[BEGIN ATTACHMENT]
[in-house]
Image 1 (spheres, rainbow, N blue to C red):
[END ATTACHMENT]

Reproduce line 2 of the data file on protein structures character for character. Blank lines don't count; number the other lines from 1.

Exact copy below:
Image 1 (spheres, rainbow, N blue to C red):